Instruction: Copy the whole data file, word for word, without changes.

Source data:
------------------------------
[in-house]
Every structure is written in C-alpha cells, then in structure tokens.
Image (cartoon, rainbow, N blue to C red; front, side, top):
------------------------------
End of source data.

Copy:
[in-house]
Every structure is written in C-alpha cells, then in structure tokens.
Image (cartoon, rainbow, N blue to C red; front, side, top):